Cru Beaujolais 

White zinfandel was nearly the death of the one, the true, the real red grape — and yet in the end was perhaps its savior. At least its popularity kept many growers from ripping out long-established vines to plant more-fashionable cabernet and chardonnay. We needed time to come to our
senses, and white zin gave it to us.

In a similar scenario, many growers agree that Beaujolais nouveau, the fruity, frivolous, first-to-appear bottling of an already lighthearted wine, poisons the market for the serious stuff ahead of its arrival. In the early ’70s, posters proclaiming “le Beaujolais nouveau est arrive!” would appear all over Paris in early November, and the celebration, once a rustic, regional affair, spread from there to New York and other worldly capitals. Yes, even San Antonio hosted breathlessly awaited Beaujolias-nouveau events.

The result of all this fuss and flash was a cheapening of the product. America came to think of Beaujolais as a harmless, throwaway quaff. The fad may have faded, but the malady lingers on. And then comes a vintage like 2005, regarded by many as the best in decades — especially for the cru Beaujolais, wines from the 10 communes in the region thought to be worthy of their own appellation. Critics such as The New York Times’ Eric Asimov are ecstatic, calling the vintage “great” and its wines “intense” yet with “rare balance.”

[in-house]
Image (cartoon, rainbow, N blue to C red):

Other pundits — and even growers — disagree, however, finding the 2006 vintage, already on some shelves, to be more in the mold of classic Beaujolais: “lighter and more immediately pleasurable,” again according to Asimov.

Omniboire decided to put the two years to the test, side by side. We might have known that this approach would lead to problems. To begin with, the two vintages are indeed poles apart. Then there are the 10 communes to deal with (we tasted six of them) — with styles that vary from lighthearted and feminine to earthy and almost Burgundian. And finally, there are the differing approaches of three major producers we tasted: Georges du Boeuf (by far the biggest producer and possessed of a light, “fun” style); Potel-Aviron (serious, yet dedicated to emphasizing fruit); and Joseph Drouhin (the most classic purveyor).

Oh, and one other thing: This was a tasting panel more dedicated to the poetry of wine than to rating it by the numbers. In other words, certain members (you know who you are) declined to offer numerical scores, rendering the usual ratings system moot. Sorry; you’ll just have to interpret the musings.